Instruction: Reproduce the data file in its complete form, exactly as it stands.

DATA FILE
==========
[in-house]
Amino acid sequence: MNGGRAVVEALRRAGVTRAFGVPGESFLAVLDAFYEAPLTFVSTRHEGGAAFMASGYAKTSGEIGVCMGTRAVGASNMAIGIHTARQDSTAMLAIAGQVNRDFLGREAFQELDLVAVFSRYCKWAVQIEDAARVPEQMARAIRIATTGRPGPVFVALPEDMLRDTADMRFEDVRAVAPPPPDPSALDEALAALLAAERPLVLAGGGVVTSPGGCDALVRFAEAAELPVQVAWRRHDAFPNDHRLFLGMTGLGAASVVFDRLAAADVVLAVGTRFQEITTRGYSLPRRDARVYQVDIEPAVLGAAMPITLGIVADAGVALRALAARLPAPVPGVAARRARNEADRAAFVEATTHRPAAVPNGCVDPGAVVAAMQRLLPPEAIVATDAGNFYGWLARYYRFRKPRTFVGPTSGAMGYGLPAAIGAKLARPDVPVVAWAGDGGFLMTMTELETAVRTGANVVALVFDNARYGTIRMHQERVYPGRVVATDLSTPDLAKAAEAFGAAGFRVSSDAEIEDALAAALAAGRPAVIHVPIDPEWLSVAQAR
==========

[in-house]
Amino acid sequence: MNGGRAVVEALRRAGVTRAFGVPGESFLAVLDAFYEAPLTFVSTRHEGGAAFMASGYAKTSGEIGVCMGTRAVGASNMAIGIHTARQDSTAMLAIAGQVNRDFLGREAFQELDLVAVFSRYCKWAVQIEDAARVPEQMARAIRIATTGRPGPVFVALPEDMLRDTADMRFEDVRAVAPPPPDPSALDEALAALLAAERPLVLAGGGVVTSPGGCDALVRFAEAAELPVQVAWRRHDAFPNDHRLFLGMTGLGAASVVFDRLAAADVVLAVGTRFQEITTRGYSLPRRDARVYQVDIEPAVLGAAMPITLGIVADAGVALRALAARLPAPVPGVAARRARNEADRAAFVEATTHRPAAVPNGCVDPGAVVAAMQRLLPPEAIVATDAGNFYGWLARYYRFRKPRTFVGPTSGAMGYGLPAAIGAKLARPDVPVVAWAGDGGFLMTMTELETAVRTGANVVALVFDNARYGTIRMHQERVYPGRVVATDLSTPDLAKAAEAFGAAGFRVSSDAEIEDALAAALAAGRPAVIHVPIDPEWLSVAQAR